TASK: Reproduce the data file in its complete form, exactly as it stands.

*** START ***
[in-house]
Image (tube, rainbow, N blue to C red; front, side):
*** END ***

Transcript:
[in-house]
Image (tube, rainbow, N blue to C red; front, side):